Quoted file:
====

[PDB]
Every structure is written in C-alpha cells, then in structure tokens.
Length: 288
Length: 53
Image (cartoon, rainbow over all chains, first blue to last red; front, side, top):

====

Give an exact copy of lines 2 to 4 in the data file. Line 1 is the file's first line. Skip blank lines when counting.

Every structure is written in C-alpha cells, then in structure tokens.
Length: 288
Length: 53